Another beautiful nature reserve is the Port Launay Marine National Park located just off the coast of Mahe and famous for its whale shark sightings. The reefs provide a wonderful opportunity to use your mask and snorkel while the beautiful sandy beach is quiet and inviting. The park can be reached by land or sea.

Mahe Island, Seychelles.
Mahe Island, Seychelles.

The St. Anne National Park, a short boat-ride away from Mahe, is one of the best places in the Indian Ocean to view marine life. It consists of six small islands and was created in 1973 for the preservation of wildlife. It is known as one of the prime locations in the Indian Ocean for scuba-diving, glass-bottom boat excursions and snorkeling among the coral reefs.

You may want to do some exploration within the capital of the Seychelles, Victoria, known as the smallest capital in the world. You can have a pleasant stroll around it taking in the Victoria Clock Tower, actually the most prominent feature of the capital. It is an elegant replica of a clock that was first erected in London in 1897 near Victoria Station, known as “Little Ben”. This Clock Tower is one of the Seychelles Islands national monuments.

The National Museum of History is charged with the acquisition, preservation and exhibition of historical artifacts of the Seychelles and includes such items as the oldest map drawn in 1517, the Stone of Possession a block of limestone coral which is engraved with the arms of France topped with the Royal crown and the world’s smallest statuette of Queen Victoria.

Kenwyn House, built in 1855 is an elegant example of French Colonial architecture and a must-see for visitors who can browse through its world class jewellery collection.Summer drink with blur beach on background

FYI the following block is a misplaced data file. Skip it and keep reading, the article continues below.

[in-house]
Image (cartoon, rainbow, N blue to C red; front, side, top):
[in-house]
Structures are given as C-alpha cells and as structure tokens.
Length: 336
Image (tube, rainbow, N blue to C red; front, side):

The Bel Air Cemetery is the oldest historical site in the Seychelles Islands. The cemetery’s tombs, vaults and shrines contain the remains of some of the islands’ most famous personalities including the mysterious Pierre-Louis Poiret who was purported to be the son of Louis XVI who fled the French Revolution and took refuge in the Seychelles.

Located on the outskirts of Victoria, the Botanical Garden dates back more than a century. It houses a wide collection of exotic and endemic plants within its five acres of landscaped and beautifully maintained tropical gardens. An added attraction is the giant tortoises from Aldabra, some of which are over 150 years old (more information on these amazing creatures later in this article). Fruit bat colonies can be found feeding or roosting in the taller trees overhead and the latest feature is a house which holds a collection of brightly coloured orchids including Seychelles’ own native orchids.

And finally, if wishing to dine out in Victoria, here is a recommendation. A rambling wood and iron building from the Seychelles’ Colonial days is home to the oldest restaurant in the Seychelles. Marie Antoinette’s serves up Seychellois “creole” food, a fusion of Asian, African, and French flavors. If you are feeling adventurous, try the curried fruit bat!


Despite being the second largest island in the Seychelles it is inhabited by a mere 6,500 people. It is sleepy, laid back and far less developed than neighbouring Mahe. Yet it is still large enough to explore after the beach, although these are stunning with their white sand with names like Anse Lazio and Anse Geogette and known as some of best beaches worldwide.